We at Ms. P. Designs USA enjoyed being included in the 2017 year’s Christmas Caroling Row Along Event, sponsored by SeamsToBeSew . Now that the event has ended, we decided to share our row with you in case you haven’t seen it yet.
Our mouse family is dressed in typical Victorian-era costumes. The mouse children represent two kids that you might see when you attend any children’s choir concert: the little boy’s enthusiasm for singing far exceeds his abilities (someone must have told him to sing loud during the rehearsal), while the little girl sings because it makes her happy (and it brings us joy to watch her)! Mother and Father Mouse are dressed in their Sunday best, enjoying the family outing.
The applique panel for our row was made using raw-edge applique, which Susan finished by hand with a blanket stitch and two strands of black embroidery floss. The pieced star flower blocks were created by Sharon, using precision quick-piecing techniques. We used a selection of fabrics provided by Northcott Fabrics (Thank you!), as well as fabrics from our extensive private textile collections (a.k.a. “fabric stashes”).
Our inspiration for our Christmas Caroling row, as well as our Ms P Designs logo, came from some little Christmas mouse ornaments that Susan made and sold at many craft sales in the 1990’s. People at work referred to her as the “Mouse Lady”. Our row brings to mind those precious little mice that made Christmas just a little bit merrier for her children during financially lean times.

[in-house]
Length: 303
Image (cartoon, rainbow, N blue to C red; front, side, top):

If you’re in love with all things Victorian, you can purchase the row pattern from Ms P’s Pattern Shop! The pattern includes the mouse family appliques along with the pieced star flowers.
And now for a bit of historical perspective about our Christmas carol:
“Here We Come A-Caroling” was written in 1850, and was sung to wish everyone good health and a Merry Christmas. Bands of singers (usually beggars and orphans) made their way through the snowy streets of Victorian England, offering to sing good cheer if the homeowner would give them a drink, a penny, or some food to eat. Sometimes the singers were invited inside to stand beside the warmth of the hearth and enjoy some wassail, to warm their tingling toes and fingers before they went out to continue singing the joy of the Christmas season.
Love and joy come to you,
And to you glad Christmas too,
And God bless you and send you a Happy New Year,
And God send you a Happy New Year!
Sharon and Susan